Recent research suggests that medical students lose empathy during the third (the main clinical year) of school.
Talking with end of the year third year students might make you think differently. Understanding the psychological changes that likely occur during the third year should make you think differently.
Medicine seems easy during the pre-clinical years. You get smokers to stop and prevent COPD and coronary artery disease. Patients just need to listen to our advice and their clinical outcomes will improve. The answers are clear (and either a, b, c, d or e) during the preclinical years.
But the third year exposes our students to the realities of human beings and our society. No longer are patients homogeneous in their willingness and ability to change. No longer do all our stories have happy endings.
Our first exposure to clinical medicine creates angst, shock and disbelief. We often see the brutality of disease, and recognize that many patients with severe disease could have prevented their affliction through life style changes. We see patients come in with drug overdoses, the same patients who demand that we give them more opiates for the pain. We see the ravages of alcohol, smoking, obesity and illegal drugs.
This exposure leads to many students and residents becoming jaded. At first we focus on the apparent futility of making diagnoses and giving recommendations. We focus on our society not having provisions for the unfortunate to receive necessary outpatient care and medications.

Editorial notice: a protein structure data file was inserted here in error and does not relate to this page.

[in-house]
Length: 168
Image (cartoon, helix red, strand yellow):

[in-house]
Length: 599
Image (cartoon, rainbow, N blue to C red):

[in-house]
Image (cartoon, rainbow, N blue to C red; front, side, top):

But as you talk with third year students you hear their struggles with the jadedness. You hear them trying to emulate physicians who have passed through the jaded stage and who have regained their empathy.
We should not despair about the physicians of the future. We should continue to help them cross through this jarring yet necessary first exposure to the world of disease and the world of health.
For what we do remains noble. Most patients want to improve their lives and adhere to our appropriate recommendations. We often do make a major difference.
Today I gave a patient a rather tough love speech about the root of his problem. We opined that he may not respond “appropriately.” The residents were particularly jaded, because they see the patients who do not listen and change. But we all forget that we often do not see the successes, unless they occur in our clinic population.
We must remain optimistic and accept a batting average that is reasonable. Each patient deserves our humanity. Some patients make it difficult, and I will admit that sometimes we fail. Some patients push our buttons and turn on the jaded switch.
But I believe that our students will continue to work through the challenges of becoming a truly empathetic physician. And we should not bemoan the psychological changes of the clinical experience but continue to help our students and residents to grow and succeed.
Robert Centor is an internal medicine physician who blogs at DB’s Medical Rants.